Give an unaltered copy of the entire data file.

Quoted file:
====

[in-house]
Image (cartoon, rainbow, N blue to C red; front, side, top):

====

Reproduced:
[in-house]
Image (cartoon, rainbow, N blue to C red; front, side, top):